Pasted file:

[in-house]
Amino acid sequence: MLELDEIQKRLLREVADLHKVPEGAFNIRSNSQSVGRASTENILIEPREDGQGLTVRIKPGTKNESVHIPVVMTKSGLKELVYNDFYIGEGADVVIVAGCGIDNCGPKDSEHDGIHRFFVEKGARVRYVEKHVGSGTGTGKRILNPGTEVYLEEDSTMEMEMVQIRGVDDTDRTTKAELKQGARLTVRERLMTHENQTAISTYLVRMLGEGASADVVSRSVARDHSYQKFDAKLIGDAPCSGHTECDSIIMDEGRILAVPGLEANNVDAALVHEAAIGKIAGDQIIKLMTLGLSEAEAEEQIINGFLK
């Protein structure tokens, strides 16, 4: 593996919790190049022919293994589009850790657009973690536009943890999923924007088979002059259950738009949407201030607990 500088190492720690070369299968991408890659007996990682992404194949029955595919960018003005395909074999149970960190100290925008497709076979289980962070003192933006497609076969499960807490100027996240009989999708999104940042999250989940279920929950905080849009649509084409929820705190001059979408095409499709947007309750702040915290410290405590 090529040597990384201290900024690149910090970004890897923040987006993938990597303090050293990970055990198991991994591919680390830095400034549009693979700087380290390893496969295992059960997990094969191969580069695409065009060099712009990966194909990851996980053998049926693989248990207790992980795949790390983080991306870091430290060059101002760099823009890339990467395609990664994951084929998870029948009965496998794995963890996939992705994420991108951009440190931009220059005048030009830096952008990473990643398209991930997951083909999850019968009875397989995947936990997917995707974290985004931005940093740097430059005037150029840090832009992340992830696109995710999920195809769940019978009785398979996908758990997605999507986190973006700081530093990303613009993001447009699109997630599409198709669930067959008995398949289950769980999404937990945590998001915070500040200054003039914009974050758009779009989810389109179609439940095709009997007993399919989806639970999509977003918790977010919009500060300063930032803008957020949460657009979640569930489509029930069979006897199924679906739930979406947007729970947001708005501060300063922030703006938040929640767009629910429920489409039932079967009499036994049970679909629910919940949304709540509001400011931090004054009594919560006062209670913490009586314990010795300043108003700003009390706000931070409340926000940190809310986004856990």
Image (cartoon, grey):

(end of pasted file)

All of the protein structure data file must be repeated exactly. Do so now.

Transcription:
[in-house]
Amino acid sequence: MLELDEIQKRLLREVADLHKVPEGAFNIRSNSQSVGRASTENILIEPREDGQGLTVRIKPGTKNESVHIPVVMTKSGLKELVYNDFYIGEGADVVIVAGCGIDNCGPKDSEHDGIHRFFVEKGARVRYVEKHVGSGTGTGKRILNPGTEVYLEEDSTMEMEMVQIRGVDDTDRTTKAELKQGARLTVRERLMTHENQTAISTYLVRMLGEGASADVVSRSVARDHSYQKFDAKLIGDAPCSGHTECDSIIMDEGRILAVPGLEANNVDAALVHEAAIGKIAGDQIIKLMTLGLSEAEAEEQIINGFLK
């Protein structure tokens, strides 16, 4: 593996919790190049022919293994589009850790657009973690536009943890999923924007088979002059259950738009949407201030607990 500088190492720690070369299968991408890659007996990682992404194949029955595919960018003005395909074999149970960190100290925008497709076979289980962070003192933006497609076969499960807490100027996240009989999708999104940042999250989940279920929950905080849009649509084409929820705190001059979408095409499709947007309750702040915290410290405590 090529040597990384201290900024690149910090970004890897923040987006993938990597303090050293990970055990198991991994591919680390830095400034549009693979700087380290390893496969295992059960997990094969191969580069695409065009060099712009990966194909990851996980053998049926693989248990207790992980795949790390983080991306870091430290060059101002760099823009890339990467395609990664994951084929998870029948009965496998794995963890996939992705994420991108951009440190931009220059005048030009830096952008990473990643398209991930997951083909999850019968009875397989995947936990997917995707974290985004931005940093740097430059005037150029840090832009992340992830696109995710999920195809769940019978009785398979996908758990997605999507986190973006700081530093990303613009993001447009699109997630599409198709669930067959008995398949289950769980999404937990945590998001915070500040200054003039914009974050758009779009989810389109179609439940095709009997007993399919989806639970999509977003918790977010919009500060300063930032803008957020949460657009979640569930489509029930069979006897199924679906739930979406947007729970947001708005501060300063922030703006938040929640767009629910429920489409039932079967009499036994049970679909629910919940949304709540509001400011931090004054009594919560006062209670913490009586314990010795300043108003700003009390706000931070409340926000940190809310986004856990």
Image (cartoon, grey):